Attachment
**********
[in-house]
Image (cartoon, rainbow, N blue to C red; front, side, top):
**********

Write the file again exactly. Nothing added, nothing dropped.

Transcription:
[in-house]
Image (cartoon, rainbow, N blue to C red; front, side, top):